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03 May 2012, 09:51
Giuseppe Bertini (2 posts)

Hello, I have read the first few chapters of beta2 and repeatedly scrolled up and down the table of contents, and I cannot seem to find any reference on how to… er… DEPLOY MassiveApp.

What I mean is–everything seems to happen within the virtual boxes, but what if:

  • I do have a good ol’ box in the basement whirring away happily, which I intend to use as a staging server and pound on it night and day with all kinds of demanding tests
  • I have just acquired a fresh new Linode, and that’s where I want my MassiveApp to be hosted

What now? How do I automate setting up the two hosts so that they run identical instances of Ubuntu Precise Pangolin 32, packages, gems, and all?

The Vagrant mechanism only applies to virtual boxes, right? Or is it possible one way or another to push to a physical box or to a VPS a locally-built package? Or, do we perform a minimal install on each host, and rely entirely on puppet from then on?

I am assuming that the answers to my questions are already embedded in the existing structure of the book, and that I will simply know how to do these things once I have properly digested the material.

But, in my humble opinion, a short chapter describing how to get your app from the virtual to the real world would be reassuring.

Thanks and keep up the good work, Giuseppe

03 May 2012, 22:01
Tom Copeland (78 posts)

Thanks for the feedback!

The actual deployment is described in the Capistrano chapter; by that time the hope is that the servers that you’re deploying to (Vagrant or otherwise) has been built out using Puppet as described in the Puppet on Rails chapter.

So the OS is set up by Linode, the directories (/var/massiveapp, etc) and services (mysql, apache) are set up by Puppet, and then the deployment happens via Capistrano.

18 May 2012, 02:29
Manu J (6 posts)

Can the server be bootstrapped completely? i.e how will ruby and puppet be installed in the server?

20 May 2012, 00:53
Tom Copeland (78 posts)

I think it depends on your hosting provider. For example, for EC2, you could build an AMI with Puppet and Ruby and such installed, and then when you fire up a new box you could set the box role and Puppet would apply the appropriate manifests. I see Linode has some setup instructions on Puppet here:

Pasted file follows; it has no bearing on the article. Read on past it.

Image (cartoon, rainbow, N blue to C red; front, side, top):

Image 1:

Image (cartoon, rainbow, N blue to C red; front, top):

What you said in your first post is what I usually do: “do we perform a minimal install on each host, and rely entirely on puppet from then on?”

26 Sep 2012, 09:50
Niels Hamaker (1 post)

Hi there,

I just wanted to add my “+1” to Giuseppe’s remarks, and particularly the one about the additional chapter. I went through the book several times searching for this step into the real world: for me, the book feels incomplete without it. “Deploying Rails” is certainly useful and valuable as it is, but as there are so many sides to a Rails deployment, it can’t be expected to cover them all. Maybe an idea to write a “Deploying Rails: volume 2”? Covering moving to the real world, comparisons of Passenger and Unicorn, thin, apache and nginx, how to stress-test your app, etc.

27 Sep 2012, 21:38
Tom Copeland (78 posts)

You’re right, deployment is a big topic, and scaling/infrastructure is a big part of it. But scaling also such an application-dependent thing that we didn’t feel comfortable in diving into that; we didn’t feel like we could write something that would be applicable to the all the various situations that people run into. I think we felt like we’d have to write something that was really general and wouldn’t answer anyone’s questions anyway.

So all that to say that we focused instead on how to automate, manage, and monitor your infrastructure whatever it is.

07 Nov 2012, 22:14
Tim Chambers (2 posts)

me too. I just wanted to add my “+1” to Giuseppe’s remarks. I was perhaps naively expecting more of a final production approach, although I feel I could extend what was already written to a physical box environment.

I feel as though I was left hanging and an additional explanation of Virtual to Physical would have been appropriate.

05 Mar 2013, 11:16
Craig Miles (1 post)

I have merrily worked through setting up virtual environments and had great success with Vagrant and VirtualBox, Puppet and Passenger. It was all an enlightenment to me and I feel much more knowledgeable about the whole area.

I had naively expected that all the work was done. Now that I have gone to great pains to set up and prove my configuration in the virtual world I was expecting to be able to just deploy my configuration to the “cloud”.

But when I thought about it more it dawned on me that I didnt really know how to apply this to the real world, a real server with a hosting provider.

So I spent a while on Google, and didnt arrive at any conclusion that the best or even a possible approach is to deploy a VB setup to the cloud somewhere.

Then I thought I must have missed this somewhere in the book, and looked again. Like others on this thread, I am left feeling that this is certainly missing. There is no clear instruction of how to proceed to a production environment.

The suggestion earlier in the thread that this is to be inferred by the Capistrano section leaves me confused, as this section appears to be geared totally to a virtual environment.

Am I therefore to conclude that having configured a virtual environment that the only way to proceed to production is to repeat all of the steps from scratch on the production environment?

If so, how then have the steps taken to produce an easily replicated virtual environment for testing benefited the move to production when I can still end up with entirely different configuration.

Maybe I have missed the point of what I had thought was the whole “Deploying Rails” mantra, one of repeatability, predictability and automation.

So I guess I am stating a much longer way of agreeing with Tim Chambers!